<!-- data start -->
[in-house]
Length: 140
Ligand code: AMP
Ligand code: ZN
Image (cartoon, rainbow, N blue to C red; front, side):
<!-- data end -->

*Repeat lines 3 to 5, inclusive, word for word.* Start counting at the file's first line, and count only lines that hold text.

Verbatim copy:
Ligand code: AMP
Ligand code: ZN
Image (cartoon, rainbow, N blue to C red; front, side):